DEPTHS IN THE SHADOWS
LA based photographer Grace Pickering’s work feels intimate and nostalgically Los Angeles. Her photographs are warm, sensitively taken, and the thought and effort she puts into them is understood upon viewing them. A quick look at her Instagram reflects this artistry.
With Instagram, Facebook, Snapchat, and various other social media platforms — we are constantly looking at images, most of which are of people. Unlike most of these images, however – Grace’s photography truly earns the title of portraiture.
Grace’s work is seen in full effect in her photograph “Jenna, Burbank” which is available on her website. The photo is a warm, smiling portrait of a pregnant woman in a kitchen. The photo is nostalgic and retro (a portrait of a beautiful, smiling pregnant woman in a retro white kitchen with linoleum flooring), as well as modern with the woman’s sleeve of tattoos being shown.
I had the pleasure of sitting down with Grace to talk about all things photography.
GRACE PICKERING INTERVIEW
CONOR (HIGHLARK): All of your photography is done on medium format, what about the process – or the outcome – do you find so enticing?
GRACE PICKERING: I just love the quality of it, the depths in the shadows and how much detail you can pull out in people’s faces without it getting too HD and false. I used to hand print all my own work in the darkroom when I lived in London, I like being able to use my hands and follow the process from loading the film to hanging the framed print. Definitely an analogue girl first and foremost
CONOR: I attended your recent solo show “Whiskey Hour” at the Junior High Gallery in Los Angeles. The portraiture felt very nostalgic and very LA – what were you going for in these photos?
GRACE: Whiskey Hour is a project I started when I moved to LA a year and half ago consisting of portraits of SoCal residents. I think mostly photography in that moment was a great vehicle for me to gain more of an understanding of my new home and the people in it. My subjects are all individuals that fascinated/moved me in some capacity that I needed to find out more about them, where they live, why, what makes them laugh, who are you in this very moment in the environment you call home? For an alien in this city, an outsider and a self proclaimed explorer it was a fantastically exciting way to learn about my surroundings geographically, socially, politically and in a way I could really understand. I shot all the work with natural light mostly at sunset, ‘Whiskey Hour’ was my nod to golden hour and that magical glow right before the sun sets. You don’t get that light where I come from, it was the main character in all the portraits featured in the show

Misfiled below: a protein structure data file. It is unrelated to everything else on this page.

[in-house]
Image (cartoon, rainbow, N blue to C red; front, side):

CONOR: Who are some of the biggest inspirations in your artistic style?
GRACE: My parents inspire my artistic style hugely, my mum was a beautiful artist who is to this day one of the only people whose paintings has had the ability to instantly move me to tears. She sees the world in a different way to most people and is greatly skilled in expressing that. My dad exposed me to a lot of music from a really young age which has hugely shaped the person that I am. He’s a true punk through and through, I still love listening to him recount stories of pogoing to the Sex Pistols at Lesser Freetrade Hall in 1976, hiding underneath cars to avoid having the shit beaten out of him by local lads for being dressed in women’s clothes and makeup imitating David Bowie. I remember being 13 and coming home from school in my uniform to the tightest pair of black drainpipe jeans I’d ever seen, I thought it was the coolest thing in the world wriggling around on the floor trying to get them zipped up with a coat hanger, Patti Smith blaring from my cd player, my head whirling with Egon Shiele/Bowie the Berlin years/Prince’s ‘controversy’/Anarchy in the UK. There is something very artistically liberating about being told from a young age you can do what you want, it’s ok that you’re a freak, that will never change and the world will have to adapt to it. Visually I think that’s influenced and shaped my work hugely, there is a DIY candid quality that asserts itself. I shoot on film and use/manipulate natural light a lot and tend to be more interested in less conventional models so that’s always going to offer a certain ‘realness’ if you will. That’s what I resonate with
CONOR: How did you first become interested in photography?
GRACE: I loved taking photos from a young age, it mostly took hold when I was a teenager though and began photographing my friends at house parties on the weekends. When I was 16 I attended an art school in North London where I began studying photography and was exposed to the work of Nan Goldin, Richard Billingham, Martin Parr and Wolfgang Tilman’s who all massively challenged my perception of what photography was. Their work really moved me, particularly Goldin’s images of Cookie and her late friends, it kind of shook my world and challenged the way I thought about traditional photography